Forex Today: Risk-Off Tightens Grip

Adam Lemon

A world recession or possibly even depression from the pandemic appears to be inevitable, with Goldman Sachs forecasting a 34% drop in U.S. Q2 annualized GDP

  • The price of crude oil continues its consolidation just above $25 per barrel.
  • The price of gold continues its multi-week consolidation pattern at about $1,700 per ounce, pending a potential breakout.
  • Stock markets fell again yesterday, with the S&P 500 Index again failing to break up past its 61.8% Fibonacci retracement level. U.S. indices have regained almost 60% of their losses, which is technically significant as an inflection point. Many market analysts think the bottom of this bear market has already been reached, but other analysts see further strong falls likely in stocks over the coming weeks and months. There is a strong divergence of opinion.

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Oil prices are making great trade opportunities

  • The rate of increase globally in new confirmed infections and deaths from the coronavirus pandemic seems to have peaked, at least for a first wave, although this may be at least partially due to the pandemic moving into South American countries which tend to have worse reporting systems. The number of daily new cases globally has arguably not declined significantly. Total reported deaths globally have been falling since April 18th and daily new confirmed cases since April 24th. Total confirmed new cases stand at more than 4.2 million with an average case fatality rate of 6.85%. The pandemic’s epicenter is still located in the U.S.A., increasingly more so outside than inside New York, but it seems as if the peak of this wave has probably already been reached there, while this looks more certain also for every European nation. However, new cases seem to be plateauing, not really falling significantly, in both the U.S.A. and the U.K.
  • A world recession or possibly even depression from the pandemic appears to be inevitable, with Goldman Sachs forecasting a 34% drop in U.S. Q2 annualized GDP and other analysts seeing a 30% unemployment rate in the near future. If correct, these will be the worst such numbers seen since the 1930s, but it should be noted many analysts continue to see a much better outlook for U.S. unemployment. The WTO has forecasted that global trade is set to fall by one third. The U.S. now sees an unemployment rate of 15% and a drop in 1st Q GDP of 4.8%.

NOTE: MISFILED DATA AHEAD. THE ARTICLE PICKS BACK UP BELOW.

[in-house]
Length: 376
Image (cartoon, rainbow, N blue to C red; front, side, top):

• Data from New York City suggests that 0.24% of the entire population of the city has recently died while infected with the coronavirus, which is one of the strongest pieces of hard evidence that the disease has a significantly higher mortality rate than any common flu. Similar data from Bergamo, Italy suggests an estimate of between 0.20% to 0.50%, indicating that claims of coronavirus having a significantly lower IFR are unlikely to be accurate. With recent antibody tests suggesting 21% of the city has been infected, this suggests an infection fatality rate of almost 1%.
  • The U.K., France, Italy, and some other nations (mostly in Europe) have begun to ease restrictions as it becomes clear the first wave’s peak has passed. The countries which seem to have suffered least from this first wave are New Zealand (which is close to having eliminated the disease completely), Australia, Norway, Austria, Greece, and Israel.
  • The rate of new coronavirus infections appears to be increasing most quickly in Russia, Brazil, and India. Russia now has the second highest number of confirmed cases globally.
  • While the vast majority of confirmed coronavirus cases are still in Europe and the U.S.A., with the U.S.A. accounting for approximately one third of all cases, infections are beginning to increase dramatically in South America, which is now accounting for almost one quarter of global deaths. The situation is especially bad in Brazil which is now confirming more than 5,000 new cases and 800 deaths daily. The President of Brazil Jair Bolsonaro, who compares coronavirus to the flu, has issued decrees trying to reopen the country which are being ignored by state governors.
  • Forex markets are dominated by relative strength in the Japanese Yen and the U.S. Dollar, while the British Pound looks like the weakest currency today.
Adam Lemon

Adam Lemon began his role at DailyForex in 2013 when he was brought in as an in-house Chief Analyst. Adam trades Forex, stocks and other instruments in his own account. Adam believes that it is very possible for retail traders/investors to secure a positive return over time provided they limit their risks, follow trends, and persevere through short-term losing streaks – provided only reputable brokerages are used. He has previously worked within financial markets over a 12-year period, including 6 years with Merrill Lynch.
Learn more from Adam in his free lessons at FX Academy

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